That being said, my one qualm with the film is that the theme of class divide does get muddied down with a very mixed message that emerges from the explosive climax in the film. Essentially, the climax (I won’t dare spoil it) occurs, and the next 15 minutes of the movie is an epilogue to those events. And while it’s a fascinating ending, I can’t help but have felt confused as to what exactly Bong Joon-ho’s thesis for this movie was. How far should people go to close the wealth gap? Is there such a good thing as a good rich person? Does class determine morality? Do people overthink class? So many questions popped up in my head, and for a while, I wondered if there was some sort of cultural context I could not grasp, as I have zero affiliation with South Korea or Asia as a whole, but I don’t think that was it. Essentially, this movie is trying to say something; I couldn’t easily determine what. But at least I had a grasp of what it was poking at, and I appreciated it.
While the poor aren’t cast in an ideal light, neither are the rich. It’s a bit of good and bad sprinkled into both sides of the table. On the one hand, the poor are presented as cunning, family oriented, and talented. However, they are also just as susceptible to greed as the rich and are certainly unethical. On the other hand, the rich are presented as kind, intelligent, and hard-working. And of course, they are also naïve, out of touch, and condescending. Neither side is fully genuine, interestingly. And this class of classes is what sets up the great highs for comedy mining and likewise, dramatic tension.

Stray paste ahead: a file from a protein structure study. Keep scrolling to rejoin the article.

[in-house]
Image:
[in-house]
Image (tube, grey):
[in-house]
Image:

Think of it in these terms: If Jordan Peele’s Get Out had a clear ending that everyone watching understood, then his other film, Us was just as well directed, but sloppier in its message. That being said…Parasite is better than Us. I think it is a tad more focused in its themes and doesn’t slow down or waste screen time. This movie is a whirlwind, and it’s going to leave you just as baffled as I am.
Now, onto a somewhat abrupt segue: diversity! As I said before, the poor family is of course meant to represent the struggling of the lower class in South Korea. That alone, starting a conversation on class in a developed country, is a good step for diversity in the sense of economic standing. On top of that, I must say: this was a great movie for feminism, in terms of sheer casting! Each family is comprised of 2 men and 2 women, and there is also a female caretaker who plays a critical role in the film. I can’t say for certain if Parasite passes the famous Bechdel test, but I certainly walked out of the theater recognizing the importance of the female characters, and yes, they make their own decisions, which have drastic consequences to the plot. Again: I seriously don’t want to give away anymore plot details than I already have.
I highly recommend an immediate watch on this movie. A must-see of 2019. Seriously needed, as this year has been a bit lackluster for movies.
Author: Rafael A. Sarmiento, originally published [12/9/2019] for Incluvie